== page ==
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Madhukar May 15, 2007 09:58

hi All,

I am modeling an incompressible, turbulent flow in a closed vessel. As the flow velocities are small, I am using RNG K-Eps model. For covergence I am monitoring the residuals and a surface integral on the outlet. My question is: I am using the default values in fluent(0.001) for the residuals. And the residuals are not reaching 0.001, but they are decreasing constantly till 0.01 and then there is no significant change. is the solution converged??? or not???

Thanks in advance

jasim May 15, 2007 10:58

Re: Convergence-Residuals
If fluent not mentioned that the solution is converged so it not converage and it appeared so if not reach the limit 0.001.

Madhukar May 15, 2007 11:20

Re: Convergence-Residuals
Thanks for the response.

I am monitoring a surface integral which is stable after 200 iterations without any change. Isn't this shows the solution is converged???

Amit May 15, 2007 11:26

Re: Convergence-Residuals
Hi Madhukar,

A couple of different things can cause your residuals to level off before truly converging.

1) You may need to change the values of your under-relaxation factors, accessible through Fluent's menus. There is a section in the Fluent manual which describes this well.

2) You may not have a steady state solution. If you are using a steady-state turbulent solver, you may reach a state of pseudo-steadiness, or you may not; it might be better to use a transient solver. You can then analyze an instantaneous or time-averaged solution.

Hope this helps, Amit

K. Baker May 16, 2007 02:16

Re: Convergence-Residuals
Amit what about my case I am already use transient but the residual for vof to the secondary phase not appear for me until the final time step and Fluent not plot for me any results for it ? Can you tell me the reason for this?

K. Baker

Charles May 16, 2007 02:53

Re: Convergence-Residuals
This is one of the best questions that anybody has posed in a while. As you've seen, it is sometimes not simple to declare convergence. Something that may help get the residuals down more, is to switch to double precision, and tweaking relaxation parameters may also help. Also, you need to consider the differencing scheme that you are using, and how accurate your initial flow field was. Something that sometimes helps is to get 0.0001 convergence on first order upwind differencing first, and then switch to higher order to see what it does. With external flows, where the initial flow field is normally a very good solution everywhere except near the body, it may also be difficult to get the requisite 0.001 convergence. For other flows 0.001 may not even be good enough. Take a very good look at how your surface integral changes with more iterations, sometimes if you really zoom in (in terms of y-axis scale), you can readily identify a damped oscillation, which is a good indication that you are "straddling" a converged answer. As last resort (or maybe that should be first?), work on your grid quality. If you have a number of skew or very high aspect ratio cells, perhaps away from your surface of interest, it may not affect your surface integral, but could affect the residuals.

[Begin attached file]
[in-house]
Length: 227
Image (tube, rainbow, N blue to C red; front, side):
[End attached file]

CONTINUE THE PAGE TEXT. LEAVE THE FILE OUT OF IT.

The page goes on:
Madhukar May 16, 2007 09:02

Re: Convergence-Residuals
Hey Charles,

Thanks for the detailed response. as u said, the surface integral that i am using to monitor the convergence is steady...i mean damped oscillation. I think this shows my solution is converged...right??

once again thanks

Charles May 17, 2007 03:13

Re: Convergence-Residuals
Let's call it a necessary but not sufficient condition :) Generally though, it is a really good indication. A measure I have used to judge convergence has been to get the amplitude of the oscillation of the surface integral down to about 0.25% of its average value.

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